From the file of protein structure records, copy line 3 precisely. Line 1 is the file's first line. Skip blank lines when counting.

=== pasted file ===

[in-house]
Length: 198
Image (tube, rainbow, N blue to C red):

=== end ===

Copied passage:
Image (tube, rainbow, N blue to C red):